Daily Object Writing- Catch Up

I needed a break from work and school for a couple of days so I fell behind on my class-required object writing.  I’m including the last 1.75 days worth of class-required object writing below.  This week’s prompts:

  • focus on WHERE, using location as the starting point for writing.
  • The POV is Direct Address, which uses both ‘I’ and ‘You’.
  • The verb tenses to use are any two forms, past, present, or future;
  • include questions & conditionals
  • Time limitations vary (5m, 10m, 90 sec)

Back Seat (10 minute)

You sat in the back seat of your family’s station wagon,  with your arms crossed and a scowl across your ten-year-old, suntanned face. Your mother reprimanded you for kicking the back of her seat in front of you. Now you sat sullen, tight-lipped, and anger punching the front of your stomach in protest. The sticky leather seat stuck to the back of your thighs because you insisted on wearing shorts. The air conditioning in the car has never worked, and you knew that the leather would stick. You pulled up your left thigh, feeling the skin get peeled back tightly from hot, sticky leather as you moved your leg up and down alternately. The open windows brought in the soiled stench of cheap gasoline and diesel. Hot winds nastily slapped your innocent cheeks. Your eyes slit closed against the air drying your eyes out. The grit of chastisement and pent fury stained and grated your tongue and created a sandpaper mouth. The swaying of the car turned your angry stomach sour with nausea. How much worse could the day get? You woke up bright and eager. Two fights with your mother, one about what to wear and the second about when to leave, hastened an inner tantrum that raged about being stuck in the car for two hours. Now here you were, bored with nothing to read, and a mother continuously complaining about your kicking the back of her seat from your own back seat. You turn your head to look out the window and relax. You let the wind fill your eardrums and your mind with white noise. After you get to the cabin, you will unpack your bathing suit, throw it on, and jump into the pool before your mother has time to punish you. Maybe you’ll stay down there; maybe you want to see how long you can hold your breath. How long can you hold it? Half a minute? One minute? Longer? What will your mother do without you, if you never come up?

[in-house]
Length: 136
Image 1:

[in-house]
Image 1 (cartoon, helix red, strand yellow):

Candy Shop (90 sec)

Candy shop sticky sweet. Carmel walls striping makes you think that you can lick the walls and you would taste Werther’s candies. Rows of black, white, dark, milk chocolates. The intense smell of sugar forcing a watering of Snickers and Almond Joy in Your mouth. The crinkling of the paper-plastic as you search for an opening. One bite, the sugar chocolate spreads warmth through your mouth, your taste buds relishing in the joy of sugar. Twirl! Yum! What next?

Frozen Pond (5m)

The frozen pond in the Boston Common, the Frog Pond, awaits us! Let us run down the frosty hill, slippin and sliding while we hold hands towards laughing children in colorful winter hats. Can you feel the the cold leather through your mittens as you struggle to pull on the well-worn rental ice skates? Let the excitement build in your chest as you finish tying your laces tight. Let’s jump up together, hold hands, chop our feet on the ice a couple of times, and go speeding across the pond. The wind will rip our cheeks and freeze our teeth. We will have to dodge parents picking up their toddlers off the frozen floor. The tears of children will not move us. Let us be joyful! Do you remember the time we came down to the pond in the middle of the night? Last year, we woke up at 2am, got dressed, snuck onto the Frog Pond, and ice skated for about 10 minutes before the cops told us to bugger off. You giggled madly as you tried to run away in your skates. Your face hitting the pavement and a bloody gash on your brow changed your tune. We spent the night in the ER instead of the clink. Now we are here together, legally. The world is our playground. Where will we go next?

Airport (10m)

You took the Blue Line from Government Center to Boston’s Logan Airport every time that you traveled. It was your contribution to saving the environment, you said. The grimy floors of the train’s cable car felt sticky under your Chucks, and it made you feel queasier than riding the rickety train. Your heavy carryon luggage dragged you, as if even your underwear did  not want to leave the haven of your hometown. Strange places made your stomach wiggle and your feet itch. Your lace-up boots became prison walls that prevented you from scratching that itch. But leave Boston you must, you told yourself, if you were  ever going to grow up. You flew the  US Airways shuttle to JFK airport, a 45 minute nonstop flight. You were vomited from the passenger plane into the underbelly of the fourth largest city on the planet. Massive waves of people seemed to follow you whichever step  you took. Dirt and oil seemed to permeate your skin, invade your nostrils, and sink deep into your lungs. Your unsteady walk, knees knocking, took you all the way to Gordon Hall at NYU. If anyone asked you, you were not have been able to tell them how you got here. You are bedraggled and beautiful. You lick your lips and I taste grapefruit. Your perfume faintly reaches my nose and I breathe in life. How will you know I am yours? You look into my eyes and my soul resonates with the knowledge that you know it, too. You smile and nod. If you say hello, I am yours. The greeter says your name, Heather. I hear a ballet of satin steps rising in time and tempo to the sweet rhythm of violins. The strings tremble with my heart and I sing to myself. You know it, too.  You straighten yourself up. Hello, you say. Hello, I say. Another smile and you are mine. Where will we go? Let us walk down West 4th Street together with